As a linguistics and rhetoric major, one of the classes I’m required to take is sociolinguistics. A common idea within sociolinguistics is that young women are the leaders in linguistic innovation. It just so happened that at this exact moment, my Archival Traditions in Rhetoric class was reading about Hunter College history as a normal school for young girls around the age of 14. If these girls were alive today, they’d be the first ones that linguists would approach to study. It reminded me of one lady’s paper analyzing commencement speeches, I realized, if the trend of female innovators stretches back to the time Hunter was established, the theory about young women being linguistics innovators would not just be a farce of our time.
I set out to look for commencement speeches of our earliest alumni. I browsed through the list of reference guides to the archives and luckily found commencement addresses very quickly. I put the request in and I met up with the speeches the next day.
I had thought of my method before, and resolved to look at speeches given five years apart, to look for adaptations of language use that expanded or became more widely used. As I mindlessly began taking photos of the many pages in front of me, I realized that this particularly long speech I was taking pictures of was written by a Bernard S. Deutsch. It never occurred to me that a man would be speaking at graduation, since it was an all girls’ school. I looked back at the photos I had already taken and I realized that quite a few of the speeches were given by men. I resolved to stop taking the mens’ speeches since they were not part of my corpus. I doubted that any male speech patterns would be innovative. That was pretty sexist.
I continued to take photos of speeches given by female speakers, every five years until I got to 1939. There were no record of speeches from 1940-1948. This was when I realized my linguistic study would not be so easy, nor clean. I thought to myself, “this giant gap in speeches would inevitably lead to confusion”. I wouldn’t know if any new trend I found after possibly began at Hunter or was externally influenced. I decided to make the best of what I had, which was a ton of commencement speeches, and forage on. I took photos of the 1948 commencement speech as it was the next earliest speech. By the time I finished taking pictures, it had only been about two hours. I was confounded as to what Professor Hayden made it seem like it’d be a wormhole for time. Perhaps making the reservation for the folders was all I needed to do right.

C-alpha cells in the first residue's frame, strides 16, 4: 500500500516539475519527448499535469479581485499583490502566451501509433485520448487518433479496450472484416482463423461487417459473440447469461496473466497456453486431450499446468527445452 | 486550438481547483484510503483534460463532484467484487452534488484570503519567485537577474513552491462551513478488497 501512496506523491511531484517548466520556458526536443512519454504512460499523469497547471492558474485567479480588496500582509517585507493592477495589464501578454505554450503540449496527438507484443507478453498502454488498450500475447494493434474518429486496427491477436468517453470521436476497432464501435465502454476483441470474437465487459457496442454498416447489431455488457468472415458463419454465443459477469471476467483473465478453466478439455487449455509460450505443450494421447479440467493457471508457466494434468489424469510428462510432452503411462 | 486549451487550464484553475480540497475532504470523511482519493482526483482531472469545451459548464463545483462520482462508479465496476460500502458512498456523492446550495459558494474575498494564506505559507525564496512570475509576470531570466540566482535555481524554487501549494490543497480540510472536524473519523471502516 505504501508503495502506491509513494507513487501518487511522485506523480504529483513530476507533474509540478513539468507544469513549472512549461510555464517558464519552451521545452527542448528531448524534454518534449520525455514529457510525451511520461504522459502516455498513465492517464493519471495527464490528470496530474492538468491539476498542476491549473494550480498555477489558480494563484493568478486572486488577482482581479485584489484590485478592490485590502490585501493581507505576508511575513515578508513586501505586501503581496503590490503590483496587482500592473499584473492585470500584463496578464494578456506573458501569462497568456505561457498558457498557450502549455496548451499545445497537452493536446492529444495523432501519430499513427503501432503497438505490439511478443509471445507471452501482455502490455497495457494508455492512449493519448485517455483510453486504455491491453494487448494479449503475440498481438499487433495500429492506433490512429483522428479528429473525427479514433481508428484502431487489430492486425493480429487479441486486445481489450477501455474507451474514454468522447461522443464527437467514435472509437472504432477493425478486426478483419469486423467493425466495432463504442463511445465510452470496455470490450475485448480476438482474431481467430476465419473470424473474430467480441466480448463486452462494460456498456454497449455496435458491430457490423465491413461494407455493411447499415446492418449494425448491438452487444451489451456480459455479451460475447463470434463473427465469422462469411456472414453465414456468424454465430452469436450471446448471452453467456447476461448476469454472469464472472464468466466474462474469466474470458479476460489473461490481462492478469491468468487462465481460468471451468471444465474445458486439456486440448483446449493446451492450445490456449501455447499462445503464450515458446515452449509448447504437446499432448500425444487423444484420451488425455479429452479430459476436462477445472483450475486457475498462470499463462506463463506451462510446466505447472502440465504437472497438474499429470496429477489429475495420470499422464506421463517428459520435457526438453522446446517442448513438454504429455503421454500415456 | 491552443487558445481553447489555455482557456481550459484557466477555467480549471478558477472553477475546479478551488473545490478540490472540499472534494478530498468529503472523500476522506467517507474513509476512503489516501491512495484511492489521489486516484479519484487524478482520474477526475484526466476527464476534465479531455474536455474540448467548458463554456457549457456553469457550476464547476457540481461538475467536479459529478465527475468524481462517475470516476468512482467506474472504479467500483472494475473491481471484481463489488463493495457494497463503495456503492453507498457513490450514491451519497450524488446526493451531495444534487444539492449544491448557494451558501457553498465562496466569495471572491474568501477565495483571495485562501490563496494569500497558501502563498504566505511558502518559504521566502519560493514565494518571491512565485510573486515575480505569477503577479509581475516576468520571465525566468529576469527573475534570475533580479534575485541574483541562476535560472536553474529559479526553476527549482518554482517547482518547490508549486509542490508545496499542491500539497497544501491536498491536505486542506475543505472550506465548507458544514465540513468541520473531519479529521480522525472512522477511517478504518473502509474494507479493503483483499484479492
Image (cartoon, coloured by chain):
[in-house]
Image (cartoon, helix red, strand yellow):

Later in the week, I had to read an extract from “Language and Woman’s Place’ by Robin Lakoff which posited that women are actually bidialectical: they know two languages and switch between them according to context and situation. One of the languages is the prescribed dialect of female speech; the other, a learned form of male speech. While the female speech is looked down upon and not taken seriously, the male form of speech is held in high regard, and is unfairly considered the default in public forums. This is what women have resorted to in order to level the playing field before her.
While once, girls were admonished for speaking roughly, the women they have grown into (have to) unlearns the gendered language policing they had experienced all their lives. They mirror male linguistic patterns as a result of oppressions stemming from childhood.
This made me realize that I possibly had stumbled on something bigger than just young girls as innovators. My having to stop taking pictures of speeches given by men was indicative of something else entirely. With both a record of how men and women speak, I could figure out patterns in their speech and the relationship between them. I began imagining scenarios I would find in the speeches such as the women speaking differently when addressing fellow peers as opposed to speaking in reference to themes outside of the audience. Would she adopt the male dialect for certain messages and not others? Thus, I began looking at the photos I had taken with a new target in mind. I also realized I would have to make another trip to the archives in order to get the rest of the male addresses.
One of the male speakers writes about his devotion to Hunter College because of his wife. He links his loyalty to the school through a “tie of affection” as opposed to something related to education or knowledge or schools. I am no longer sure if I am being sexist by pointing this out, or if the feminist lens magnifies this deep. Another thing I noticed, he repeated many words over and over again, to the point where the sentence was really hard to decipher. For example,
“When you step from school into the wider world, you step from a scene in which you are protected in some degree from the consequences of your own errors into a scene in which you are penalized not only for your own errors, but for the errors, sometimes even for the crimes, of your fellow-citizens.”
There’s so much more to be deciphered and gleamed from these speeches. I’ve since learned from my own experiences that the archives may bring you to difference places, but it is up to the archivist-researcher to figure out the context of these places. Had I never read Lakoff’s piece differentiating between male and female speech, I would have continued on my search for vague innovations made by girls from a society and time I am not familiar with.
Deutsch, Bernard S. Commencement Address, Hunter College in 1934, Hunter College Publications Collection, Box 23, Folder 5, Archives and Special Collections, Hunter College Libraries, Hunter College of the City University of New York, New York City.
Lakoff, Robin Tolmach., and Mary Bucholtz. “Chapter 17.” Language and Woman’s Place: Text and Commentaries. New York: Oxford UP, 2004. 242-52. Print.